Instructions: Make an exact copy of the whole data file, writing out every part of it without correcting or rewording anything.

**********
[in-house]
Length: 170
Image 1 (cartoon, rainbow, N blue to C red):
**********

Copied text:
[in-house]
Length: 170
Image 1 (cartoon, rainbow, N blue to C red):